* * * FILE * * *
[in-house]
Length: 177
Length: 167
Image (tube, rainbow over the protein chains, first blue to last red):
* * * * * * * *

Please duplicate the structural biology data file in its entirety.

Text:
[in-house]
Length: 177
Length: 167
Image (tube, rainbow over the protein chains, first blue to last red):